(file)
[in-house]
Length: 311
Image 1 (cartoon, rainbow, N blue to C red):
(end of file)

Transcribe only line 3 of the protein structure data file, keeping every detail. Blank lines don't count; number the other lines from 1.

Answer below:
Image 1 (cartoon, rainbow, N blue to C red):